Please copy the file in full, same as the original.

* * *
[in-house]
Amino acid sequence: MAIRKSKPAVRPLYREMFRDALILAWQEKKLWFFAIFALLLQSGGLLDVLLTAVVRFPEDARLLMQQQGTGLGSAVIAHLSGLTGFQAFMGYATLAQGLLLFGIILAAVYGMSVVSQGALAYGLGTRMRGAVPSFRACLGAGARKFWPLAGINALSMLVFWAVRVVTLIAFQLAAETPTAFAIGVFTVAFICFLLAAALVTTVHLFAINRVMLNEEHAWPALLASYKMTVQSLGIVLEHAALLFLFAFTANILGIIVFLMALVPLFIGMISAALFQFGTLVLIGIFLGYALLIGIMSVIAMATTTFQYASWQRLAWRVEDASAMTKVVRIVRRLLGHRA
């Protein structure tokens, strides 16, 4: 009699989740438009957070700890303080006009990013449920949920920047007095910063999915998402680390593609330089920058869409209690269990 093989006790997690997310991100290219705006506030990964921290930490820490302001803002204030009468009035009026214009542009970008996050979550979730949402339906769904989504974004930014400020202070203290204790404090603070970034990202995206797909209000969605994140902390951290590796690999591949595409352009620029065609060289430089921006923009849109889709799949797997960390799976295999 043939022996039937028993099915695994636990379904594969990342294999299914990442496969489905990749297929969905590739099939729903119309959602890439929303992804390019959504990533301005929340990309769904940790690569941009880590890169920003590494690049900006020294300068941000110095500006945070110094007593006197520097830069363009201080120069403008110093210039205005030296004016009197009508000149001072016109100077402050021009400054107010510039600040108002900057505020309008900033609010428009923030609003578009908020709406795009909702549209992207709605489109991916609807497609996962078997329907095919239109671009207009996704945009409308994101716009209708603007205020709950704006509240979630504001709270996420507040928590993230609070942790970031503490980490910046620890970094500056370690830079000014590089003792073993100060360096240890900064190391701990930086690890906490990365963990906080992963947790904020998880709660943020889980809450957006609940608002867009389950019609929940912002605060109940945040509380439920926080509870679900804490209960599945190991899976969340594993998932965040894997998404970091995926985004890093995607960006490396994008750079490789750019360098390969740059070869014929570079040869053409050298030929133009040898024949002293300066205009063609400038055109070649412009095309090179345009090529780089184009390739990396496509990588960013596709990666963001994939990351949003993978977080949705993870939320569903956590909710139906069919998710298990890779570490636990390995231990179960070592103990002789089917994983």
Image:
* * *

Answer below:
[in-house]
Amino acid sequence: MAIRKSKPAVRPLYREMFRDALILAWQEKKLWFFAIFALLLQSGGLLDVLLTAVVRFPEDARLLMQQQGTGLGSAVIAHLSGLTGFQAFMGYATLAQGLLLFGIILAAVYGMSVVSQGALAYGLGTRMRGAVPSFRACLGAGARKFWPLAGINALSMLVFWAVRVVTLIAFQLAAETPTAFAIGVFTVAFICFLLAAALVTTVHLFAINRVMLNEEHAWPALLASYKMTVQSLGIVLEHAALLFLFAFTANILGIIVFLMALVPLFIGMISAALFQFGTLVLIGIFLGYALLIGIMSVIAMATTTFQYASWQRLAWRVEDASAMTKVVRIVRRLLGHRA
């Protein structure tokens, strides 16, 4: 009699989740438009957070700890303080006009990013449920949920920047007095910063999915998402680390593609330089920058869409209690269990 093989006790997690997310991100290219705006506030990964921290930490820490302001803002204030009468009035009026214009542009970008996050979550979730949402339906769904989504974004930014400020202070203290204790404090603070970034990202995206797909209000969605994140902390951290590796690999591949595409352009620029065609060289430089921006923009849109889709799949797997960390799976295999 043939022996039937028993099915695994636990379904594969990342294999299914990442496969489905990749297929969905590739099939729903119309959602890439929303992804390019959504990533301005929340990309769904940790690569941009880590890169920003590494690049900006020294300068941000110095500006945070110094007593006197520097830069363009201080120069403008110093210039205005030296004016009197009508000149001072016109100077402050021009400054107010510039600040108002900057505020309008900033609010428009923030609003578009908020709406795009909702549209992207709605489109991916609807497609996962078997329907095919239109671009207009996704945009409308994101716009209708603007205020709950704006509240979630504001709270996420507040928590993230609070942790970031503490980490910046620890970094500056370690830079000014590089003792073993100060360096240890900064190391701990930086690890906490990365963990906080992963947790904020998880709660943020889980809450957006609940608002867009389950019609929940912002605060109940945040509380439920926080509870679900804490209960599945190991899976969340594993998932965040894997998404970091995926985004890093995607960006490396994008750079490789750019360098390969740059070869014929570079040869053409050298030929133009040898024949002293300066205009063609400038055109070649412009095309090179345009090529780089184009390739990396496509990588960013596709990666963001994939990351949003993978977080949705993870939320569903956590909710139906069919998710298990890779570490636990390995231990179960070592103990002789089917994983």
Image: